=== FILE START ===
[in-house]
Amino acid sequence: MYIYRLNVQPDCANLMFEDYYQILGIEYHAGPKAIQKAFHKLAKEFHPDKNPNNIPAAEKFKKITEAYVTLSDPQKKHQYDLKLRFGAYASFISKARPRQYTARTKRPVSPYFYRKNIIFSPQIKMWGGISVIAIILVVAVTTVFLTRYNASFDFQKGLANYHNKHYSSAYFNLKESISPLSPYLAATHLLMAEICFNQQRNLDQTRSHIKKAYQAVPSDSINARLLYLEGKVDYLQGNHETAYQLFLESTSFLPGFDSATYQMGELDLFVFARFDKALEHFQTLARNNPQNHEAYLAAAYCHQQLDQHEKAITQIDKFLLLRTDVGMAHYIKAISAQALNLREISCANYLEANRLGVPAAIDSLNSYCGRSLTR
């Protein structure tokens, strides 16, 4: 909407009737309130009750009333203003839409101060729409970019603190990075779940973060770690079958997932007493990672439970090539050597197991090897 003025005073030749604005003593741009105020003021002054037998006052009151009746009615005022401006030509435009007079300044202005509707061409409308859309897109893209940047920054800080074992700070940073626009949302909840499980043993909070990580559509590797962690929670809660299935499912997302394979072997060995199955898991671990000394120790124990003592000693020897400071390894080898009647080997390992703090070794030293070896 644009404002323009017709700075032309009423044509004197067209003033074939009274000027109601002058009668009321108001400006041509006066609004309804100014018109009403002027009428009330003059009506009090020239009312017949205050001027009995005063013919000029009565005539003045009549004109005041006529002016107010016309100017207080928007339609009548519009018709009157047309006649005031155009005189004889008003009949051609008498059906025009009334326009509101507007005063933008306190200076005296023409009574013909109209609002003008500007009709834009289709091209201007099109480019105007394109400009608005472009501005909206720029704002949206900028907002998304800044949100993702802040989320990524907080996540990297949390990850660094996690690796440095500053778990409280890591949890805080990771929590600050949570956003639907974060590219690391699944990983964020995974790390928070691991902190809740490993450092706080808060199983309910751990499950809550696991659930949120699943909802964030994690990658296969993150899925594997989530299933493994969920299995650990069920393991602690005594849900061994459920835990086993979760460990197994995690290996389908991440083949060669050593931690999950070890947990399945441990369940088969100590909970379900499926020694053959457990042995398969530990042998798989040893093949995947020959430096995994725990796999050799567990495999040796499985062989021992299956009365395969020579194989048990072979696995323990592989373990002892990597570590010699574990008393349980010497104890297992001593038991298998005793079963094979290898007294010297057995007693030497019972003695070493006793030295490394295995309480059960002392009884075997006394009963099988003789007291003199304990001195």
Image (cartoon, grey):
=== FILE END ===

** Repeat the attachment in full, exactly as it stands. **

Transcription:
[in-house]
Amino acid sequence: MYIYRLNVQPDCANLMFEDYYQILGIEYHAGPKAIQKAFHKLAKEFHPDKNPNNIPAAEKFKKITEAYVTLSDPQKKHQYDLKLRFGAYASFISKARPRQYTARTKRPVSPYFYRKNIIFSPQIKMWGGISVIAIILVVAVTTVFLTRYNASFDFQKGLANYHNKHYSSAYFNLKESISPLSPYLAATHLLMAEICFNQQRNLDQTRSHIKKAYQAVPSDSINARLLYLEGKVDYLQGNHETAYQLFLESTSFLPGFDSATYQMGELDLFVFARFDKALEHFQTLARNNPQNHEAYLAAAYCHQQLDQHEKAITQIDKFLLLRTDVGMAHYIKAISAQALNLREISCANYLEANRLGVPAAIDSLNSYCGRSLTR
């Protein structure tokens, strides 16, 4: 909407009737309130009750009333203003839409101060729409970019603190990075779940973060770690079958997932007493990672439970090539050597197991090897 003025005073030749604005003593741009105020003021002054037998006052009151009746009615005022401006030509435009007079300044202005509707061409409308859309897109893209940047920054800080074992700070940073626009949302909840499980043993909070990580559509590797962690929670809660299935499912997302394979072997060995199955898991671990000394120790124990003592000693020897400071390894080898009647080997390992703090070794030293070896 644009404002323009017709700075032309009423044509004197067209003033074939009274000027109601002058009668009321108001400006041509006066609004309804100014018109009403002027009428009330003059009506009090020239009312017949205050001027009995005063013919000029009565005539003045009549004109005041006529002016107010016309100017207080928007339609009548519009018709009157047309006649005031155009005189004889008003009949051609008498059906025009009334326009509101507007005063933008306190200076005296023409009574013909109209609002003008500007009709834009289709091209201007099109480019105007394109400009608005472009501005909206720029704002949206900028907002998304800044949100993702802040989320990524907080996540990297949390990850660094996690690796440095500053778990409280890591949890805080990771929590600050949570956003639907974060590219690391699944990983964020995974790390928070691991902190809740490993450092706080808060199983309910751990499950809550696991659930949120699943909802964030994690990658296969993150899925594997989530299933493994969920299995650990069920393991602690005594849900061994459920835990086993979760460990197994995690290996389908991440083949060669050593931690999950070890947990399945441990369940088969100590909970379900499926020694053959457990042995398969530990042998798989040893093949995947020959430096995994725990796999050799567990495999040796499985062989021992299956009365395969020579194989048990072979696995323990592989373990002892990597570590010699574990008393349980010497104890297992001593038991298998005793079963094979290898007294010297057995007693030497019972003695070493006793030295490394295995309480059960002392009884075997006394009963099988003789007291003199304990001195």
Image (cartoon, grey):